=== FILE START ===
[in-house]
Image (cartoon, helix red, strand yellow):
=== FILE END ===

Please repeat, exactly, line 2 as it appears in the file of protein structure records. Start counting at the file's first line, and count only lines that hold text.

Image (cartoon, helix red, strand yellow):